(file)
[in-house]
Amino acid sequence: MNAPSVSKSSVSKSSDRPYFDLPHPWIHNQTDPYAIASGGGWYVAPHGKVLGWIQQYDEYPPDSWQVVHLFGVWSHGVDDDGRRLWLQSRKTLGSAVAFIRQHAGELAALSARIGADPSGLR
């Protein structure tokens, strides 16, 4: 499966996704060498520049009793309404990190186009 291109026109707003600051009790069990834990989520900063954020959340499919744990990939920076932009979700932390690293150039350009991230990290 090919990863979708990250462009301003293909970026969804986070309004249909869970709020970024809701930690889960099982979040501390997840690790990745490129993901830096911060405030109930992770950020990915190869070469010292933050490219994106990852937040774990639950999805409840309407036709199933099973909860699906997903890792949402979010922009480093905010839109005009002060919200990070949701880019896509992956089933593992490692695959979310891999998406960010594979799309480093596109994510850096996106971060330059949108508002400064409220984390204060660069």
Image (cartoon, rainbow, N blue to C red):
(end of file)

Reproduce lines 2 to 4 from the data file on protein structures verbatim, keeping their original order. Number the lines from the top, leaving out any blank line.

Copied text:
Amino acid sequence: MNAPSVSKSSVSKSSDRPYFDLPHPWIHNQTDPYAIASGGGWYVAPHGKVLGWIQQYDEYPPDSWQVVHLFGVWSHGVDDDGRRLWLQSRKTLGSAVAFIRQHAGELAALSARIGADPSGLR
């Protein structure tokens, strides 16, 4: 499966996704060498520049009793309404990190186009 291109026109707003600051009790069990834990989520900063954020959340499919744990990939920076932009979700932390690293150039350009991230990290 090919990863979708990250462009301003293909970026969804986070309004249909869970709020970024809701930690889960099982979040501390997840690790990745490129993901830096911060405030109930992770950020990915190869070469010292933050490219994106990852937040774990639950999805409840309407036709199933099973909860699906997903890792949402979010922009480093905010839109005009002060919200990070949701880019896509992956089933593992490692695959979310891999998406960010594979799309480093596109994510850096996106971060330059949108508002400064409220984390204060660069």
Image (cartoon, rainbow, N blue to C red):